For Whitehead, ‘objects’ are “ingredients of events,” and events are the processes of all experience, all nature, all perception, cognition and creation, all things thing-ing and happen-ing. Objects are any entity of experience: a sensation of colour (“gaze at a patch of red”); a toothache; an idea; a memory. The object is the data of scientific inquiry, the data of the experiencing subject. The object “fashion[s] creative actions.” The object is a subject too; it comes to an understanding of the world as it engages with the world.
In Stein’s Tender Buttons the sections, ‘Rooms’, ‘Objects’ and ‘Food’ each comprise short poem-portraits of domestic miscellany, such as ‘A TABLE,’ ‘A HANDKERCHIEF’ and ‘ROASTBEEF.’ The poems rarely set up any kind of explicitly referential relationship to their titles: ‘A HANDKERCHIEF,’ reads “A winning of all the blessings, a sample not a sample because there is no worry.” Of course, we could make meaningful connections between a handkerchief, an occasion of sneezing and “blessings,” or we could imagine that “the sample” is the left-behind snot of the nose-blower, a trace of encoded DNA, streaky evidence of a virus or allergy. But beyond these kinds of narrative-driven, forensic interpretations, the relationship between the title and the poem—the object as signifier and the object as signified—is problematic, unsettled, open, uncertain. We don’t get a representational ‘description’ of a handkerchief. The objecthood of the poem-portraits is not a product of a realistic, transmission-style rendering. It is something else, some kind of non-symbolic thing.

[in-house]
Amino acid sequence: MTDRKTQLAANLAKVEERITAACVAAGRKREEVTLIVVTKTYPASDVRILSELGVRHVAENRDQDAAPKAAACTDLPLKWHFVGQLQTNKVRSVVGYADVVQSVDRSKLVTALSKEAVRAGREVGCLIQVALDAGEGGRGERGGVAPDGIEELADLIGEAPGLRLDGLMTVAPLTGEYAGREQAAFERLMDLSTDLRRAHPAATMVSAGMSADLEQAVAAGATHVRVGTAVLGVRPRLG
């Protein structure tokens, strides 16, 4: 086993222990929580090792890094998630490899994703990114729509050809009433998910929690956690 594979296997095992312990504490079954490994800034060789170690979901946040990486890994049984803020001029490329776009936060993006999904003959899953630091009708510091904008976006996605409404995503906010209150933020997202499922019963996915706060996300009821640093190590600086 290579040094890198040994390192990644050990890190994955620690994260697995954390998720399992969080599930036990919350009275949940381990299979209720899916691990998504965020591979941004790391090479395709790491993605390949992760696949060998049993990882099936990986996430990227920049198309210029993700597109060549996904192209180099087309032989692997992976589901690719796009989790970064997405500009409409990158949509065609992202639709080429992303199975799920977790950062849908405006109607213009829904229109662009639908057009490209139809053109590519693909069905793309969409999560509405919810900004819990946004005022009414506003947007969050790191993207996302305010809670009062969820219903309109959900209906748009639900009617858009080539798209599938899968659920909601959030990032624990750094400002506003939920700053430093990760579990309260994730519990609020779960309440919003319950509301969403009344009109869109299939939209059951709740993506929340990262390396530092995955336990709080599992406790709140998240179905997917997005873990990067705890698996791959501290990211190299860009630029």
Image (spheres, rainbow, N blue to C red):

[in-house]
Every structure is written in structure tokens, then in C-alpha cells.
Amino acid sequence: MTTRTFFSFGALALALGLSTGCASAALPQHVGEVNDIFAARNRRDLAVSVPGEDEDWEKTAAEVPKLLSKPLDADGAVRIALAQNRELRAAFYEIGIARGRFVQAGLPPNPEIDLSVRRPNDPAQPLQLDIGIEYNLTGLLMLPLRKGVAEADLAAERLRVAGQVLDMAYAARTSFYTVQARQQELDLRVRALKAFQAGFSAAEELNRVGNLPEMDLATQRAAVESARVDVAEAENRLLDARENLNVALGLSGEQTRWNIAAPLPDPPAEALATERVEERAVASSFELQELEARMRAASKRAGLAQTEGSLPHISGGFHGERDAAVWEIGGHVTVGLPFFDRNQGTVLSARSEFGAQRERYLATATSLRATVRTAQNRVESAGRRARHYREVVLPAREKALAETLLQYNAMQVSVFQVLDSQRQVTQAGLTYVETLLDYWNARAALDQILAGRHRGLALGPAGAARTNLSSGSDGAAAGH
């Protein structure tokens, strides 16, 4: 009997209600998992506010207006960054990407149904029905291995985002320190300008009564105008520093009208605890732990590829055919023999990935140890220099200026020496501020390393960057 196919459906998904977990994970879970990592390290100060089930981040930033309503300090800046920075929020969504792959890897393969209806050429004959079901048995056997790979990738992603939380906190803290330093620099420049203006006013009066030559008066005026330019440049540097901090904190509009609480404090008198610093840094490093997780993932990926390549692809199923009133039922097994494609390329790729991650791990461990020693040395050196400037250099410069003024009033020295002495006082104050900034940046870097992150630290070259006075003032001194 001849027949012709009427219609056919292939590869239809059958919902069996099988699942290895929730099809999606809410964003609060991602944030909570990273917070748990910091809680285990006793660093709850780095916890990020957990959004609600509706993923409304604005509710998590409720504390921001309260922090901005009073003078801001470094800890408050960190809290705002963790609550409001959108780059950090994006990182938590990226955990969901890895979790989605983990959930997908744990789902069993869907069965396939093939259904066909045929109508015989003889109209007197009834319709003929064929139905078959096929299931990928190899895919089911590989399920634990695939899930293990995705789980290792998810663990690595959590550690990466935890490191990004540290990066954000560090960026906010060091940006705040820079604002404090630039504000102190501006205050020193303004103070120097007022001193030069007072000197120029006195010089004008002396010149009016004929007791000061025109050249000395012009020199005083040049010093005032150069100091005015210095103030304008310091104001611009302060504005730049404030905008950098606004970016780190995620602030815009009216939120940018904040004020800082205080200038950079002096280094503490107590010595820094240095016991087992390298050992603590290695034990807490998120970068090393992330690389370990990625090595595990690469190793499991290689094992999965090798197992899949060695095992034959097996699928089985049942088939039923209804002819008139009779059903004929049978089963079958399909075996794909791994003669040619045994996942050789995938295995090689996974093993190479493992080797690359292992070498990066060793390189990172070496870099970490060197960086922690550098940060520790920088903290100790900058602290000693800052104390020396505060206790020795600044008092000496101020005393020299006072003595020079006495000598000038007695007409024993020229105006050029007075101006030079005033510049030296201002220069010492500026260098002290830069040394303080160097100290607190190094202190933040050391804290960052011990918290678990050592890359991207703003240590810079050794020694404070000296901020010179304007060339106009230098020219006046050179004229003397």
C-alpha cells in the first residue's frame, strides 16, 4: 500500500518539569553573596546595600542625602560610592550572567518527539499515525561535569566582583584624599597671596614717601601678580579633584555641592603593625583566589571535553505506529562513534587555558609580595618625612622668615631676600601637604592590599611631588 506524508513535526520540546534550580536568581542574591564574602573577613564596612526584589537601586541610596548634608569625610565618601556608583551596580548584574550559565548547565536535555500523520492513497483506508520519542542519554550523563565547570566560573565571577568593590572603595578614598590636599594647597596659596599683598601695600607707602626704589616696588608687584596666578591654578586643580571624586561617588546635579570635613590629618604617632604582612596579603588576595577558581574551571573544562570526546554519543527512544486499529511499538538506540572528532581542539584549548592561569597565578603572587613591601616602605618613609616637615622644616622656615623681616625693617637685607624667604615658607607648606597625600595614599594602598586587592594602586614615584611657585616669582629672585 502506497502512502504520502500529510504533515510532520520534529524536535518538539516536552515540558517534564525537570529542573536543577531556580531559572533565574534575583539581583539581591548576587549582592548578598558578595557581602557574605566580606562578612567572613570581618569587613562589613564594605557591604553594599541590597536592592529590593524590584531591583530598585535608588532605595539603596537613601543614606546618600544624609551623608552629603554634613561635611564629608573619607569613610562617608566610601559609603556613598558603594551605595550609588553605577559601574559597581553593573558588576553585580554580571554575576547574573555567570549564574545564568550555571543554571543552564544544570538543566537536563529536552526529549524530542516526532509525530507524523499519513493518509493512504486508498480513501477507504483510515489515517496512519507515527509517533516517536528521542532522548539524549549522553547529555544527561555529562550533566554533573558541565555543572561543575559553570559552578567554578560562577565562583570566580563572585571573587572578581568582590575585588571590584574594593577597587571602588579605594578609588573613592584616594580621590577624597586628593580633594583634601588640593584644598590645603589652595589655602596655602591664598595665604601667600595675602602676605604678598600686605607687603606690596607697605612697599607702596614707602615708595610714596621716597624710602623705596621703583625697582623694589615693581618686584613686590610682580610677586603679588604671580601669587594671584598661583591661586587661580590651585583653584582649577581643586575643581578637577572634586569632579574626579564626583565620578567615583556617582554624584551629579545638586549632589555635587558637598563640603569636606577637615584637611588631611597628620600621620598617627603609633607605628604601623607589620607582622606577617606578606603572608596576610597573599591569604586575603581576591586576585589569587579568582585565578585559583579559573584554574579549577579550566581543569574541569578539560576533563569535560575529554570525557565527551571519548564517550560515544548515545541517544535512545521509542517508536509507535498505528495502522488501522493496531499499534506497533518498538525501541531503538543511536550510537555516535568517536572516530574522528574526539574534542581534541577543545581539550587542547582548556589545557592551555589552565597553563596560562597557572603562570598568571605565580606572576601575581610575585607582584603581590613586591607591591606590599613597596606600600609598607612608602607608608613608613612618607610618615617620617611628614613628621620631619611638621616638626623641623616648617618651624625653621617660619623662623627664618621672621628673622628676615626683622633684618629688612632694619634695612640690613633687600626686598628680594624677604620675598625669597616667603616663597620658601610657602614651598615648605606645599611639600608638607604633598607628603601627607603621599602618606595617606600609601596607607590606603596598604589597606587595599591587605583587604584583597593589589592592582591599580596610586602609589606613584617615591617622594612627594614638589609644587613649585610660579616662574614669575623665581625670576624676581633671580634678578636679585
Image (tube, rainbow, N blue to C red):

To read one of Stein’s poems is to read a duration of language, to get a sense of certain things, to feel the glyphs as they move in patterns on the page, to feel the sounds as they’re made imaginatively in the reading-mind, to be suggested, to be stimulated, to find interest and pleasure in vagueness. The handkerchief becomes an object of experience. The handkerchief is any number of cognitive and perceptive pulses.